Tag Archives: sourcebooks

“What we need is better-quality pedantry”

Cover of Anderson & Bellenger, Medieval Worlds
With a bit of luck this will get the citation anger out of my system. But, as you may observe at the side-bar, I’m currently delving into a sourcebook that I was given for teaching by a kindly patron, Roberta Anderson’s & Dominic Bellenger’s Medieval Worlds. And, although I am not myself a huge fan of the whole ‘mentalités’ thing, being one who would like to know what happened to people before saying what they thought about it,1 they have a relatively deft and subtle approach to it. The only critique I’d make so far is that jumping from Langland to Augustine to Ælfric to Boniface VIII to Justin Martyr to Arthurian legend, without really giving any consideration to the centuries and hundreds of miles that separate the context of these sources, results in a very blanket view of medieval culture that almost no-one at any one of those sources’ points of origin would recognise, even though the book’s title attempts to stress variation.

A niggle however is in the citation. Mostly their citation is fine, although the old problem with how you represent authors’ names when their translation’s title page doesn’t is a bit difficult. The main problem is online stuff. Humanities authors are slower with this than we should be: suggested standards do exist, whether you may like them or not. I think we all need to agree that a bare URL is not enough though. Firstly this tells one nothing about what the actual source of your text is: a student essay? an online version of a reputable, but nineteenth-century, textbook? a Ph.D. by a modern researcher? or a pop-culture soundbite by a journalist with his facts wrong? There’s only so much you can deduce from a domain name. Secondly, of course, documents move, and one may not be able to find them again if the old URL is all that you give.

So, for example, when Anderson & Bellenger give a useful bit of Ælfric on the Three Orders, citing as source only the URL http://www.wwnorton.com/nael/nto/middle/estates/aelfric.htm,
this neatly illustrates both problems by looking, to the unwary, as if it’s coming off the site of an anti-virus software company, and by no longer being there. This is not a cite.

Now obviously one can go too far in the other direction. There are some, for example, who would say that this is not a sensible citation either:

But now you know a lot more about the quality of their source material, which is actually better than one might have feared, no?

Please, at least give the page author the credit of mentioning him or her by name, and using his or her title for the work; and please, give yourself the safety of stating when it was last modified (find the ‘Page Info’ menu items in your browser if you don’t know how to get this), because there is no closer equivalent to a publication date on the Internet, and of stating when you saw it there, in case by the time someone checks it should be gone and they thus have no proof you didn’t make it up and nothing with which to make a search of the Wayback Machine useful.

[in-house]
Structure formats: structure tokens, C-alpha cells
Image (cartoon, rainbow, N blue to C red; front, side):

Mind you, I’m not really one to talk. I completely misread the shelfmark in the Salat cite mentioned in the previous entry, which I have now silently edited to make me look less stupid (another good reason to give last-modified dates, note—unscrupulous web users may change an online text in a way that you can’t with a printed source). And I’ve shamelessly lifted the title quote from `someone I know off the Internets’, who should at least be named as Mr Daniel Bye, with whose opinions I do not often otherwise coincide but which in this particular case I fully endorse with this very edit.

Lastly, and unconnectedly, the sidebar no longer reflects that I was reading Arthur Marwick’s It: a history of human beauty. I should just like to advise you not to do this, and also not to buy the once-read, near-mint copy of it that will shortly be adorning a Cambridge market stall. It’s trash, and I don’t say that or sell books lightly. The methodology and model is inconsistent and inadequately thought through, far too much of the evidence intuitive and anecdotal, and the few pieces of interesting presentation marred by continual parenthetical and prejudice-laden sidetracks. I seriously wouldn’t bother.

1. I can of course see that we have to approach the question of events through sources which were created out of people’s thought processes. But these are not the only sources! and sometimes, in my darker moments, when I run into someone who’s making a success out of insisting that this is the be-all and end-all of medieval history and all we can truly know about the period, I want to up-end them into an archæological trench through a midden, and bury them in pollen analyses, shouting, “Look! Empirical non-literary data!” Nearly.